Confronting the Drunk Driver Who Nearly Killed Me

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By now, nearly every cyclist in America has heard about Tuesday’s horrific incident in Kalamazoo, Michigan, in which a 50-year-old man in a pickup truck, driving erratically, struck and killed five cyclists, injuring four more. And chances are, nearly every one of them had a moment of PTSD recalling their own near-death experiences at the hand of some drunk, angry, or simply clueless motorist. I know I did.

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It was a mileage ride. I had a nice little streak going, 12 straight weeks of 100-plus miles. I wanted to keep the streak going, and I wasn’t going to let a little rain stop me. So I kitted up to do an easy 10 miles in a light mist. I’d get it done, put it in the books and check off a 13th week.

About five miles in, I was hugging the right-hand shoulder of a two-lane country road, when I saw it: a giant black Chevy Suburban, doing way over the posted speed limit of 25 mph, coming straight at me, not just in my lane but on my shoulder. Screaming, I veered to the right, up onto a grassy embankment — fatefully, thankfully, luckily — free of curbs, mailboxes or pedestrians. My lungs heaving with fear and my pulse pounding in my ears, I slowed to a halt.

I looked back down the road and saw the Chevy veering back into the proper lane.

In a second, fueled by a potent if not prudent cocktail of adrenaline and anger, I took off after the truck. Mark Cavendish couldn’t have kept up with me as I kept one eye on the car and one on the slick yellow lines that defined my lane. After just a couple of minutes, the Suburban pulled into the crushed stone driveway of a beautifully restored farm house I had ridden past at least 500 times on my regular route from my house to the hills of central New Jersey. I pulled up behind him, my pulse soaring.

The driver got out of the car and weaved a couple of steps. He was drunk. It was 2 p.m. on a Saturday. This guy’s liquid lunch had almost killed me, left my wife a widow at 36, and my three kids orphans before they were four.

He slammed the car door. His jaw dropped when he saw me.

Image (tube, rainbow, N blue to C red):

“You almost killed me,” I seethed, fists cocked. I could smell the booze as I closed the distance to him, my cleats slipping on the wet stones.

He was about my age. Paunchy, with a mop of rangy hair. He held a legal portfolio in one hand, and raised it in front of himself like a shield.

His response has stayed with me over a decade: “Buddy, if I had hit you, my life would be over.”

I looked at his ride, which weighs more than two tons. And I looked at mine, which weighs about 22 pounds.

“No,” I spat. “My life would be over. Nothing would happen to you. You nearly killed me, you asshole.”

And that’s the sad truth. He would have killed me, and very little, if anything, would have happened to him. Because if you want to kill someone in America and have a decent chance of getting away with it, scot-free, all you need to do is climb behind the wheel of a car and hit a cyclist. There’s a good chance you won’t even face a fine, let alone jail time. Most states recognize a cyclist’s right to be on the road, but few do anything to protect riders from vehicles, assuming that a cyclist is aware of the risks of sharing the road with semis. Get hit by a car making a right-hand turn? That’s the chance you take. Tell that to the 700 or so cyclists who are killed every year by cars in the United States.

There are more than 210 million drivers in the United States, three times more than the 67 million people who have ridden a bike in the last 12 months. We live in a country defined by cars and roads. This isn’t Belgium or Holland or even France, where cyclists are given their own lanes, protected from traffic by luxurious berms. I’ve ridden on mountain roads in France and Italy where drivers waited patiently for a place to pass our group of cyclists taking up space on the road. I’ve had full cans of Natty Light pitched at me from speeding cars while I rode alone down a rural road in upstate New York, way over on the shoulder, minding my own business. I have no idea what it is about bikes that inspire such anger in some drivers. Perhaps I’m slowing them down on their way to their anger-management sessions.

But I do know that I ride far more defensively now than I ever have, and I avoid roads now that I once freewheeled. I obsessively obey traffic laws, not wanting to give a driver an excuse to let loose on me, to say nothing of protecting my own ass and being a good citizen. And I assume that every driver out there is a drunken lunatic trying to text and change the radio station at the same time.

After all, if I manage to avoid them, maybe I can, you know, make sure their lives don’t end.

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